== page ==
What does it take to be a runner? What does it take to run a marathon? You know all the people on the sidelines during races, yelling things like “go faster!” or every runner’s personal favorite, “pick it up!”? They only see the present. Yeah, at some level they know that you’ve obviously put some work into the race itself but just how much doesn’t exactly cross their minds; all they want to see is a show: a sudden burst of acceleration, an all-out war between two finishers, but the training itself… As John L. Parker put it, the Miles of Trials, or the Trial of Miles. Putting in the distance. Going day after day, raising the mileage, pushing your limits, and running not for the fun of it, but running to die. Being prepared to sap every last bit of strength that your body is capable of releasing, and using that to put one foot in front of the other.
“‘The marathon is a race of attrition.’ You’ve got to understand that. You’ve got to come to grips with that… No one really wins a marathon. You just survive it better.”
Unfortunately, no one can understand this until he or she actually goes through with it. Once a runner, always a runner. Once you get that kind of exercise pumping the blood through your veins, you find stopping or even slowing down is like amputating a part of yourself: the stamina and the speed are necessary things, as commonplace as eating and sleeping.
“Runners are much more in tune with the winding-down process… your average citizen these days isn’t that connected to the physical realm. Builders, farmers… In an older time, with say manual agriculture or hunting-gathering, you always knew how much less you could carry than a year ago. Or how much less you could ride or walk. Believe me, when dinner depends on running game to ground, you notice pretty quick when it starts to get harder… It happens with all athletes, but with us, with the endurance sports, everything is just too damned quantifiable… Modern civilian though, things happen too slowly to notice. Jeeminy, when did the basement steps get me wheezing? Am I old or just out of shape? And if you were never in shape, is there any difference?”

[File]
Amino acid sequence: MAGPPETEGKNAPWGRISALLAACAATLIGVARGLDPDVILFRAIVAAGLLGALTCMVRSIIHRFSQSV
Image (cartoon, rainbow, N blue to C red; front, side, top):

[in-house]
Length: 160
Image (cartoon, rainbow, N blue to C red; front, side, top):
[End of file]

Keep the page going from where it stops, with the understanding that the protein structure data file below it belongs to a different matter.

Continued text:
It wasn’t exactly the same in high school; yes, I was a runner then in cross country and long distance track, but I wasn’t really in tune with the life: my metabolism was slow, my frame was weak, and I tended to see more of the negatives than the positives (let’s face it, the cheerleaders tend to go to the football players rather than the track team).
Training for the Austin Freelance Marathon in 2005, however, I think I truly started understanding what it meant to be a runner. In a city like Austin, with a 10-mile trail jogging path being shadowed by the downtown skyline, running is life. I had a training group, a girlfriend who made me more aware of just how many miles I was putting in, and a goal: a three-hour marathon. My metabolism would forever be altered since that 30K in Buda, Texas at 2:05:53.
“…it’s the fever. That’s the thing. The fever that connects you to lovers and poets and rare-air mountain climbers and madmen and lost tribes.